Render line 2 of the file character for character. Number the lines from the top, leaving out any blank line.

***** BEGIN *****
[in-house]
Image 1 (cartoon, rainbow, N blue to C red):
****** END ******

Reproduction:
Image 1 (cartoon, rainbow, N blue to C red):